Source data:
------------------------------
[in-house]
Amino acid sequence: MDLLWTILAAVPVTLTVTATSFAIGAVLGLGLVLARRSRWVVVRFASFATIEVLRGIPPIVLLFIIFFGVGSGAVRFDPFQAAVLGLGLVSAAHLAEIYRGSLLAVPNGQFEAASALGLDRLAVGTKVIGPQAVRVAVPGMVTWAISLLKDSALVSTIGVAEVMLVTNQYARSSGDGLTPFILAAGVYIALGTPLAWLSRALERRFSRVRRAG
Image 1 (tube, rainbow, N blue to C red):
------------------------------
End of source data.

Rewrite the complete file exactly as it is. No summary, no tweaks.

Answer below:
[in-house]
Amino acid sequence: MDLLWTILAAVPVTLTVTATSFAIGAVLGLGLVLARRSRWVVVRFASFATIEVLRGIPPIVLLFIIFFGVGSGAVRFDPFQAAVLGLGLVSAAHLAEIYRGSLLAVPNGQFEAASALGLDRLAVGTKVIGPQAVRVAVPGMVTWAISLLKDSALVSTIGVAEVMLVTNQYARSSGDGLTPFILAAGVYIALGTPLAWLSRALERRFSRVRRAG
Image 1 (tube, rainbow, N blue to C red):